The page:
The first demand relates to maternal mortality (and infant mortality). The UN Population Fund (UNFPA) published, in the State of World Population Report 2004, statistics on maternal mortality inequalities. The ratio between maternal deaths, per 100 000 live births, in Europe and in sub-Saharan Africa, is 24 to 920, a factor of 38. (For the EU alone, that ratio would be higher). The 'lifetime risk of maternal death' is 1 in 2400 in Europe, but 1 in 16 in sub-Saharan Africa. A woman is therefore 150 times more likely to die in pregnancy or childbirth, simply because health care is worse. This is, according to UNFPA, "the highest differential of any public health indicator monitored by WHO" - and it is entirely due to differing health care standards. Almost all maternal mortality, about 500 000 lives, would be prevented, if the health care standards of western Europe applied globally. The demand is that the European Union guarantees, and if necessary provides, health care in pregnancy to EU standards, and infant health care to EU standards, for all inhabitants of non-OECD non-EU territories, and allocates an initial sum of € 100 000 million for that purpose.
The second demand relates to global hunger and malnutrition. October 16th was World Hunger Day, and new statistics on hunger were issued by the United Nations and the World Food Programme (WFP). About 6 million people have died of hunger already this year, in most cases deliberately left to starve by the European Union and its member states, which could have saved their lives, and choose not to. The number of chronically hungry people is rising, with about 850 million people hungry. The World Food Programme estimates that chronic hunger kills about 25,000 people every day. For comparison, the average extermination rate in Auschwitz II-Birkenau averaged around 700 over the entire period of its operation. At the peak of the extermination campaign against European Jews, in 1942, about 3 million people were murdered in less than a year: about 9 000 per day on average.
The democratically elected governments of the European Union refuse, and have always refused, to guarantee the lives of those dying of hunger, either by direct aid or other means. The European Commission has always adhered to this policy, following the policy of the member states. Additionally, the European Commission promotes the building of fences - comparable to the perimeter fences of the extermination camps - to prevent hungry people from reaching food supplies and medical care in the European Union. The European Commission deliberately refuses to provide food aid to approximately 100 million hungry children who have, according to the World Food Programme, no source of assistance. It refuses all aid to an estimated 15 million pregnant women and nursing mothers, who suffer hunger but receive no assistance at all. In each of these cases, the European Union explicitly chooses the option of starvation, resulting in many cases in death, and explicitly refuses to admit the dying to the European Union, for medical treatment which would save their lives. Given avoidable mass death by starvation, obstructing access to food and medical care is comparable with Nazi extermination policies, which also used starvation as a means of extermination. In rejecting my demand to end hunger, the Commission will simply formally confirm that the policy of starvation is deliberate. The demand is, that the European Union guarantees that no person will suffer hunger, and provides all necessary resources to implement that guarantee in non-OECD non-EU territories, either through sufficient direct aid, or any other form of aid, benefit, or transfer; and allocates an initial sum of € 400 000 million for that purpose.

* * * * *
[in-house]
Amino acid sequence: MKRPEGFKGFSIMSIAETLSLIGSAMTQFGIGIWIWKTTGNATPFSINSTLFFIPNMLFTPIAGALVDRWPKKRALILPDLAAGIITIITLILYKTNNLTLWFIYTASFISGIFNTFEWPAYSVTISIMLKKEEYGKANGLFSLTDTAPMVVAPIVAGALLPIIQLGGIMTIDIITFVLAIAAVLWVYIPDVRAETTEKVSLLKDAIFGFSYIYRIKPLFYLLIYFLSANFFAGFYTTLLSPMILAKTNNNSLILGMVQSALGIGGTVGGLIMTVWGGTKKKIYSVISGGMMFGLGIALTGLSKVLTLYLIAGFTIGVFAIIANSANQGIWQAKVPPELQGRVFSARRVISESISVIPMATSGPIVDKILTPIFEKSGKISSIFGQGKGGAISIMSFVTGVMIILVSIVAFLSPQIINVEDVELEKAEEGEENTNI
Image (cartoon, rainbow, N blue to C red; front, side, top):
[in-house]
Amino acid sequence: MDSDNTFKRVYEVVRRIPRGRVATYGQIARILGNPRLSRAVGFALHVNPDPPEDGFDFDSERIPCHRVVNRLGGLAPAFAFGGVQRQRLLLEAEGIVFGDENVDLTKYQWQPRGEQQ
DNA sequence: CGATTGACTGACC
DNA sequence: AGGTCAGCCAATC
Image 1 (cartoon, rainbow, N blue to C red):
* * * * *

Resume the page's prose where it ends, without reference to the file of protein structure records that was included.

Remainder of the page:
The third demand relates to the AIDS pandemic (in sub-Saharan Africa the disease is becoming endemic). The 2004 statistical update from UNAIDS (Joint United Nations Programme on HIV/AIDS) estimates around 40 million infected persons, 4 to 6 million new cases in 2004, and around 3 million deaths. Two-thirds of all infected persons, and three-quarters of all infected women, are in sub-Saharan Africa. Treatment rates are very low: according to the report "nine out of every ten people who need antiretroviral treatment - the majority of them in sub-Saharan Africa - are not receiving it." This low level of coverage is entirely attributable to lack of resources, and it alone would lead to an estimated 5 or 6 million deaths in 2005 and 2006. The recent (October 2005) UNAIDS/UNICEF report United for Children estimates that "globally 15 million children have been orphaned by HIV/AIDS, more than 12 million in sub-Saharan Africa alone. Less than 10 per cent of these children are currently receiving public support and services." Again this has no medical cause: UNAIDS notes that "there is currently a huge funding gap in the available global resources." The lack of resources is caused by the decision not to allocate the resources, by (among others) the European Union. The demand is that the European Union guarantees medical treatment (to western European standards) to all persons infected with HIV and their children, and provides all necessary resources to implement that guarantee in non-OECD non-EU territories, and allocates an initial sum of € 150 000 million for that purpose.
There is absolutely nothing wrong with these demands, they are 100% morally acceptable and justifiable. It would be entirely wrong for you to oppose them, even if they were enforced by threat and coercion. It it those who abandon millions of people to die in miserable circumstances - the European Commission and the European Parliament - who deserve all moral condemnation. I therefore request you not to obstruct the ultimatum in any way, and not to obstruct any use of force which might be necessary to ensure compliance with the three demands.